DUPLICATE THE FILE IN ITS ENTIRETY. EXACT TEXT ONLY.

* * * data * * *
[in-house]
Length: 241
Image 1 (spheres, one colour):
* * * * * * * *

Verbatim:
[in-house]
Length: 241
Image 1 (spheres, one colour):